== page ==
I can say, unequivocally, that The Portable Veblen is the strangest book I’ve ever read. But fun. Oh, so much fun! Author Elizabeth McKenzie’s mind is something to behold; her pen magical. Yet, there is substance to this romantic comedy and messages on many levels.
Veblen Amundsen-Howda is a strange, but lovable young woman who tries to do the right thing. She goes out of her way to please her mother, an over-the-top hypochondriac whose husband is the glue that holds their family together. Her biological father is institutionalized with a mental disorder and, true to Veblen’s nature, she makes every effort to bring joy to his life.
Veblen, who was named after Thorstein Veblen (1857-1929), a Norwegian-American economist, draws many of her attitudes and passions from the writer and has a framed picture of him displayed prominently in her home.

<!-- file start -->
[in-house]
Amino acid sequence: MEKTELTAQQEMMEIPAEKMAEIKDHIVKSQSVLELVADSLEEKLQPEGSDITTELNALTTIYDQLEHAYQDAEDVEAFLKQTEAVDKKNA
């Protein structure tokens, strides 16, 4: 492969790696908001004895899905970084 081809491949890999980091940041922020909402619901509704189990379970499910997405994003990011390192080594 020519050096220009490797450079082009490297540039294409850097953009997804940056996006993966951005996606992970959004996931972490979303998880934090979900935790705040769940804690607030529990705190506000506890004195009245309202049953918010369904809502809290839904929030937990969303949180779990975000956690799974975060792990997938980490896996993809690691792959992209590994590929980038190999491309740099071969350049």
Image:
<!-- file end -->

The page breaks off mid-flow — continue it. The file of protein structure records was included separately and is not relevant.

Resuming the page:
Veblen’s financé Paul Vreeland, a brilliant neurologist, has been awarded an important military contract to test brain-damaged patients. When Paul takes Veblen to meet his aging hippie parents, the visit is as bad as he dreads. Trying to keep all these elements—her family, his family and his research project—on an even keel while putting together their wedding is a challenge.
In the meantime, one of the main characters of the book, a squirrel who resides in Veblen’s attic, is her joy, but Paul’s nemesis. It’s hard to imagine, but the squirrel has a surprisingly important role is this story.
For a refreshing change, read this book. As Jeff VanderMeer of the Los Angeles Times says, “It’s wise, deep, and complicated.”